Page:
Birthstone Guide: Citrine for Those Born in November

As we enter the darker winter months, November's birthstone citrine offers a ray of sunshine. Here, Gemmology Tutor, Lily Faber FGA DGA EG, explores the properties and folklore around this sunny gemstone.  

Citrine is a type of crystalline quartz that comes in many different hues of yellow, from a pale shade to a stronger orangey or even brown-tinged yellow. Prized for its sunny appearance, citrine has maintained popularity in the gem trade, especially in cocktail jewellery.

Citrine in Light Weaver™ cut. Image Courtesy of John Dyer and Co. Photo Credit Lydia Dyer.

Said to hold the power of the sun, citrine is believed by many to counteract depression and phobias. It is known as a gemstone that can help you remain calm in stressful situations, attract good things and positivity into one’s life, and to cleanse the negative energy from one’s home.
A little known fact is that citrine that is offered on the market is most often amethyst that has been heat-treated to promote that golden colour. Natural citrine can be difficult to find, despite quartz being one of the most abundant gem materials in the earth’s crust. It is found worldwide, but some more important localities of note are Brazil, India, Madagascar and Sri Lanka.

Crystals and Inclusions

Citrine can be found as stand-alone crystals or as a geode containing multiple crystals within a rocky pocket. If sold as an individual crystal, citrine will have a hexagonally shaped prism with a pyramidal termination and slightly thicker base. There may be fractures within the crystal that cause iridescence, and the surface may feature striations that run horizontally across the prism faces (if the surfaces have not been polished).


Citrine, cut by John Dyer & Co. Image © John Dyer & Co.

Inclusions in citrine can be highly variable. However, it mostly has similar inclusions to those in amethyst, such as tiger stripes, straight colour-zoning, incipient fractures (mentioned above), crystals and two-phase inclusions consisting of a liquid and a gas, or a solid crystal and a liquid.

Care and Caution

Quartz is a 7 on the Mohs scale of hardness, endowing it with the ability to be set into any piece of jewellery, whether it is a ring, necklace or earrings. Considered hard, citrine will resist scratches and abrasions, but it is not impervious to these attacks and care should still be taken when wearing it in everyday life.

Citrine in Dreamscape™ cut. Courtesy of John Dyer & Co. Photo Credit: Lydia Dyer. 

Whether you like the appearance or the meanings behind it, citrine is a fantastic gem that can hold a high polish while bestowing anyone’s jewels with a kiss of sunshine. Lucky are those who were born in November and can lay to claim such a lovely gem as their birthstone.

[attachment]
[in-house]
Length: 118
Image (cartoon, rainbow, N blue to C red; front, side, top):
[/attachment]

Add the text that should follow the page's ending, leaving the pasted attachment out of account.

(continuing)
Interested in finding out more about gemmology? Sign-up to one of Gem-A's courses or workshops.

If you would like to subscribe to Gems&Jewellery and The Journal of Gemmology please visit Membership.

Cover image: Cognac Citrine Dreamscape™ 33.71 cts. Image Courtesy of John Dyer & Co.  Photo Credit: Lydia Dyer.


Birthstone Guide: Opal for Those Born in October

Birthstone Guide: Opal for Those Born in October

The captivating opal is the birthstone for all those born in October. Here, Gem-A tutor Lily Faber FGA DGA EG explores the history and properties of this iridescent and rainbow coloured gemstone.

Read more


Gem Highlights of Goldsmiths' Fair 2019

Gem Highlights of Goldsmiths' Fair 2019

Hosted in the majestic Goldsmiths' Hall, Goldsmiths' Fair is always an annual highlight for those working the gold, silver and jewellery industries. Gem-A Communications Assistant, Olivia Gillespie, reports on some of the key jewellery trends and gem highlights our team enjoyed at this year's Fair.

Read more


Exploring the Varieties of Quartz

Exploring the Varieties of Quartz

At Gem-A we are fascinated by quartz. Here, Gem-A Tutor Pat Daly takes us through a whistle-stop tour of some of the most distinctive varieties of quartz and the interesting inclusions and optical effects that can be seen in them.

Read more


Gem-A Confirms Oldest Known Carved Tourmaline

Gem-A Confirms Oldest Known Carved Tourmaline

In July 2019 Gem-A tutor Pat Daly FGA and operations manager Charles Evans FGA DGA visited Oxford’s Ashmolean Museum to study a unique and highly significant carved tourmaline.

Read more


An Exploration of Amethyst in Antique Jewellery

An Exploration of Amethyst in Antique Jewellery

In his second of a series of Gemstone Conversations columns for Gems&Jewellery, jewellery historian and valuer John Benjamin FGA DGA FIRV considers how amethyst has been used by jewellery designers throughout history.

Read more


Getting to Grips with Multi-Coloured Gemstones

Getting to Grips with Multi-Coloured Gemstones

Many of us marvel at the feat of nature that is the multi-coloured gemstone. Here, Gem-A Gemmology Tutor Lily Faber FGA DGA EG takes us through the basics of three popular multi-coloured gemstones and explains how they can be identified.

Read more